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If u+v+w=0, show that u x v = v x w = w x u.

Mathematics
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Initially I set u=(-1)(v+w), v=(-1)(u+w), w=(-1)(u+v) and then try to just insert those vectors into the thing I'm supposed to show; I don't know how to go from where I am though.
Currently at vxu+vxw+wxu
Quite certain you're supposed to use the fact that some of the vector products are orthogonal to each other and therefore 0

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Just arrived at wxu; still haven't shown for vxw though, it seems very chaotic just inserting relations over and over, is there a better way?
So say we have u=(u1,u2,u3) v=(v1,v2,v3) w=(w1,w2,w3) ,then u1+v1+w1=0 u2+v2+w2=0 u3+v3+w3=0. uxv= |dw:1380907086373:dw| =i(u2v3-u3v2)-j(u1v3-v1u3)+k(u1v2-u2v2) SO I guess you could use this to show wxu by writing what I just wrote but your ui's as wi's and your vi's as ui's. (Then do the same for vxw) But this seams pretty long to me. I will have to see if I can find a shorter way.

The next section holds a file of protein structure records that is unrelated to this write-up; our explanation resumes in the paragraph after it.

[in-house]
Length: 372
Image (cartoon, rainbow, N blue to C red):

You would write your ui's as wi's by using ui+vi+wi=0 as ui=-(wi+vi)
Indeed, that's what I went for, managed to show that the left term was the right term; never got to the middle one though. It seems like a mess using the laws though.
Hey! We use some cool properties!? :)
Like can we use ax(b+c)=(axb)+(axc) This would cut out a lot of time. This would make the proof like 100 times easier.
Because since w=-(u+v), then w=-u+(-v) So vxw=vx(-u+(-v)) =vx(-u) + vx(-v) Then we can also use -bxa=axb and use axa=0

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